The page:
When the going gets tough, the best companies get going – to communicate more than ever with shareholders and analysts – according to Institutional Investor‘s ranking of “America’s Best Investor Relations.”
The article in the magazine’s April 2009 issue is worth reading, but IR folks who want to benchmark against the “best” should go online and explore II‘s interactive rankings page. It’s a clunky interface, but you can find your industry among the 54 sectors covered.
The magazine polled more than 650 portfolio managers and buy side analysts, along with 400 sell side analysts, to compile its review of winning IR. Some examples of championship efforts cited by II:
- With volatile currency exchange rates hitting many companies’ earnings, MasterCard and McDonald’s won kudos for providing extra data on the impacts, such as income and expense sensitivity to the dollar-euro rate.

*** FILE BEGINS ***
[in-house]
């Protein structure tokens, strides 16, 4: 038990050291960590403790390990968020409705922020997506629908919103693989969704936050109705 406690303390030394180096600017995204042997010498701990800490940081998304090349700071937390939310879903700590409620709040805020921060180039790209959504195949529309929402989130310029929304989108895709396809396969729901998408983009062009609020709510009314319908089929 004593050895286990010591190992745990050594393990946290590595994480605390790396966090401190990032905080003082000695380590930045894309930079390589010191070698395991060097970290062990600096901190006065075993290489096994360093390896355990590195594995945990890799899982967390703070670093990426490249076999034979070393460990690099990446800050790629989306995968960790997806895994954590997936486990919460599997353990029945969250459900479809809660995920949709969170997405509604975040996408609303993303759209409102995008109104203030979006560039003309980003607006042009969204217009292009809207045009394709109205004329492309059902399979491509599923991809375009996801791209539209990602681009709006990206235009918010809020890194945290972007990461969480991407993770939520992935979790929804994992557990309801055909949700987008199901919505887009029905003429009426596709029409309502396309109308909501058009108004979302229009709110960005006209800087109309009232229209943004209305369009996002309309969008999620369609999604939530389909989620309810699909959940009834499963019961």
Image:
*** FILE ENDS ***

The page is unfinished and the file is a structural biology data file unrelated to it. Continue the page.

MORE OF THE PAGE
- In a scary time for airlines, Continental “soared above its competitors by being open and giving detailed information not provided by others in the sector” – e.g., monthly projections of revenue growth and jet fuel costs. The IRO also says investors appreciate predictability – like being able to count on seeing Continental’s traffic report on the first business day of each month.
- When Coca-Cola Co. and its largest bottler had a run-in over pricing, KO launched a two-stage outreach – contacting top shareholders and influencers to answer rumors and concerns, then following up with a broad communication effort on how the two companies work together.
- With the recession pinching casinos, slot machine maker WMS Industries emphasizes “being much more visible” by meeting personally with investors and analysts. WMS’ IRO says he’s on the road twice as much now as at the start of 2008.
Bottom line, professional investors are working harder than ever to eke out returns. To cultivate long-term relationships, IR people and the companies we serve must go the extra mile to help investors analyze and understand this challenging time.